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Having a smaller market share may help a tiny bit too

Having a discussion with a source close to Japanese Android smartphone maker Sony Corp. (TYO:6758) I noted how remarkable it was that Sony had escaped any sort of litigation or publicly discussed licensing with Microsoft Corp. (MSFT) or Apple, Inc. (AAPL).  While Apple hasn't sued everyone, it has sued most of the top Android phonemakers.  But Sony has escaped scott free.

How is it doing it?

Our source close to Sony confirms that he indeed knows the face of patent belligerence all to well, saying he's been called on as an expert to testify in several cases.  He remarks, "A lot of those [lawsuits] have been pretty frivolous."

When asked specifically about Microsoft and Apple and how Sony has escaped lawsuits (or licensing demands) he said, "We've had a number of discussions... We've been pretty successful at fending off these onslaughts... [laughs] I guess we should give credit to our lawyers."

So there you have it; the electronics industry has devolved into how good a lawyer team is.

Kung-Fu
Sony has reportedly used some lawyer "kung-fu" to avoid lawsuits.
[Image Source: Sony Pictures]

It's no wonder why some of the U.S.'s oldest and most respected federal judges are saying the patent system is broken in the U.S.  That same sentiment is also being echoed by top investors like Mark Cuban who bemoan the power of litigation to kill startups.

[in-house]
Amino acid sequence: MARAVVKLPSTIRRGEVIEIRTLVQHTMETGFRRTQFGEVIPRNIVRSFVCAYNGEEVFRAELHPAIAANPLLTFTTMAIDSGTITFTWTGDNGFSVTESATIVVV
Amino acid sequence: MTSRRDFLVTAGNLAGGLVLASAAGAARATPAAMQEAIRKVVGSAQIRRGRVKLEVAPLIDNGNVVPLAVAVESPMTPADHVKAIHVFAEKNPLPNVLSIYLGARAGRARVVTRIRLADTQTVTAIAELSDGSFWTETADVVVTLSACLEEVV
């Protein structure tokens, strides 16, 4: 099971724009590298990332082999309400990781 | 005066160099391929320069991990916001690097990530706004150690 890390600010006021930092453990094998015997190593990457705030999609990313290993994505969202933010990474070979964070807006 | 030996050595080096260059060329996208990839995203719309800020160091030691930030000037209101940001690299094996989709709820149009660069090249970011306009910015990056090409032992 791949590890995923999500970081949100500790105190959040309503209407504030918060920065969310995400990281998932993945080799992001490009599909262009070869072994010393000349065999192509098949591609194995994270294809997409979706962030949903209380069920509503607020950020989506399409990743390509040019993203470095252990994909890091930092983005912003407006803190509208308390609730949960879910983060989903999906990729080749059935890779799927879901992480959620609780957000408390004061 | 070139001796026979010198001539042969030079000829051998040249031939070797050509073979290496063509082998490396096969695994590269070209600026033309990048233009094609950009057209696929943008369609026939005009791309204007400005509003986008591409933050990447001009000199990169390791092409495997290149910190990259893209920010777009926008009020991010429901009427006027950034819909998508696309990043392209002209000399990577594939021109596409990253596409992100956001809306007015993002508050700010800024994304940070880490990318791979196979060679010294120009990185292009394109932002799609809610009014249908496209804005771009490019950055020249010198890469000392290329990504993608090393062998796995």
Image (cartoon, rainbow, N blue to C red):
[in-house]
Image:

Sony for its part must have some pretty good lawyers.  After all, its latest and greatest Xperia phones have slide to unlock graphics (which other Android phonemakers have been sued over) and also have a "Cover Flow"-like transition animation (Apple owns a patent on Cover Flow's animations).

With its new "superphones" hitting the product stream, the phonemaker's remarkable ability to ward off Apple lawsuits may boost its profitability and sales, assuming that situation does not somehow shift.


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Steve Jobs admired Sony
By Yongsta on 1/12/2013 1:35:11 PM , Rating: 2
If you read Steve Jobs bio, he admired Sony tremendously and Apple's change in design philosophy to concentrate on industrial design was inspired by Sony. He loved their manufacturing process. His famous quote, "Apple is the Sony of computers".

However Steve Jobs helped in the decline of Sony or rather it could be Sony itself depending on your point of view. Sony had a monopoly on the music market with their Walkman and Apple basically released an MP3 digital version with the iPod and took over, that was the beginning of the decline of Sony and the rise of Apple to its current state. However, I think Apple has its apex and will begin trending down, Sony will recover a bit, and other companies like Samsung will continue to grow.




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